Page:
If that tube stops pulsing waves or gets blocked, nothing drains from the middle ear space, and whamo, the next drop of mucus can fester into a ball of pus.

By the way, if that tube gets blocked, air can’t flow through it either and you get that sense of ears “being clogged” when going up and down in altitude (down a steep road, landing in an airplane).

So, some kids have very open and active Eustachian tubes, they will get few if any ear infections.  Others have tubes that are small, or very horizontal, or block easily, they could get an ear infection with any collection of nasal mucus- with colds, allergies.

So, what’s new in the world of ear infections?

Let’s start with how they were when you were kids- say in the 1980’s.

Back then about 3/4 of ear infections had a bacteria as the causative germ, about 1/4 were caused by viruses.

Amoxicillin cured about 80% of the bacterial cases.

No vaccines were available to prevent ear infections from any germ.

That was then, now here is now:

Some TOTALS

  • Every year in the United States about 5 million cases of ear infection occur in children.
  • 10 million prescriptions for antibiotics
  • 30 million doctor’s visits.

Let me just say here that it makes little sense to me that there should be twice as many Rx’s for ear infections, and 3 times as many doctors visits for ear infections, as there are ear infections.  More on that later.

Some brand new insights from current data

#1- A 5 day course is now shown to be as good as a 10 day course.

#2-  As you get older, you are less likely to get an ear infection.  One year olds had a 23% chance of having one, 3 year olds, a much smaller chance.  The peak age was one year old.  In 2016 about 60% of kids had an ear infection by age 3, and 24% 3 or more.  That is much less than in 1989 when over 80% of kids had an ear infection by age 3 and over 40% had 3 or more episodes.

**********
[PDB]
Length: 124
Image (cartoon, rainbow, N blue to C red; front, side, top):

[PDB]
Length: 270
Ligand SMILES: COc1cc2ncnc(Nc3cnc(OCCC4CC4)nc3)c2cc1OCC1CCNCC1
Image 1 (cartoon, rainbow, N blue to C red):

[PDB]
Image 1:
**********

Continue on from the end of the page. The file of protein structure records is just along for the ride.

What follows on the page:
#3- 95% of children treated for an ear infection were cured, that is no ear infection for at least 2 weeks after treatment ended.

#4- Breastfeeding has little protective impact.  Curiously, there was no difference in the chance of getting an ear infection between those babies never breastfed versus those exclusively breast fed in the first 6 months of life, at ages 0-3 years old.

#5-  Having allergies has little impact in causing ear infections to happen.

#6-  Having lots of colds clearly increases the chance of getting an ear infection, and that is seen in day care.

#7-  When the nation started immunizing against the bacteria called the pneumococcus, with the vaccine called either PCV or prevnar, the chance of that bacteria causing otitis media dropped, but other bacteria took its place, so the overall chance of getting a bacterial cause for your ear infection remains about 75%.

#8-  The children with ear infections all did pretty well, no serious complications were reported.

BOTTOM LINES

  1. Ear infections.  By far one the most common illnesses kids experience.  Only colds and stomach flus are more common.
  2. The use of the pneumococcal vaccine, AKA Prevnar or PCV, has led to a dip in the number of kids with ear infections, and the number who have 3 or more by age 3.
  3. Allergies, and breast feeding, had little impact on the chance of getting an ear infection.
  4. The #1 item that led to having more ear infections was getting a cold.  Makes sense, if mucus in the middle ear causes ear infections, then causes of tons of mucus should be related, and nothing makes mucus like a cold.
  5.   THIS IS A BIG FINDING- a short 5 day course of antibiotic works as well as 10 days, still delivers a 95% cure rate.

Putting it all together, ear infections come and go, they cause little harm, beside the pain.  They are less common now than 30 years ago, but still around.

Antibiotics cure the pain 95% of the time, but it is also the case that many cases never get diagnosed and clear on their own.

So, ear infections can be painful, but are only very rarely harmful.  A 5 day course of oral antibiotic makes sense if pain is significant.

Given that they are generally so harmless, and that a 5 day course of antibiotic has a 95% chance of cure, it makes little sense to place ear tubes to prevent them, unless the pain they create is so frequent that treatment with antibiotic when pain occurs is not adequate to sustaining comfort.

And, stay tuned, Advanced Pediatrics continues to explore approaches to make the diagnosis even easier for families.

To your health,
Dr. Arthur Lavin